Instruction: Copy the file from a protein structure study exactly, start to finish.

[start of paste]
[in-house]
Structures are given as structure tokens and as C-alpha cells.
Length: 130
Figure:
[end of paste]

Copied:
[in-house]
Structures are given as structure tokens and as C-alpha cells.
Length: 130
Figure: